“There is no roof or doors and no toilets, so we have to relieve ourselves in the veld. One of our workers collapsed twice on Wednesday and a colleague had to rush home to fetch his private vehicle in order to transport him to the clinic. He has been a contract worker for the past 12 years and will retire without a pension. In the event of a life-or-death situation or emergency, there is no transport available at the graveyard.”

They stated that they are not paid overtime, nor provided with personal protective equipment (PPE) or sufficient uniforms.

“We have to reopen graves where the deceased died of Covid-19 and other contagious diseases and yet there are no shower facilities or water to wash with or keep our hands clean before we go home to our families, who are also being placed at risk.”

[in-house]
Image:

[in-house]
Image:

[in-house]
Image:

The cemetery workers added that they were not paid danger allowances, while they encountered poisonous snakes while digging graves.

“Sometimes we don’t see them while we are working so there always needs to be a second person watching. We are also understaffed, where five workers died and two left, while vacant posts are not filled.”

Residents meanwhile placed rocks in the road in Motswedimosa in an attempt to divert overflowing drains and prevent sewage from seeping into their homes.

A Rietvale resident living in Eerste Straat, Mitchell Holtshauzen, stated that he would have to replace sewerage pipes at his own cost to divert overflowing sewage in his house and yard.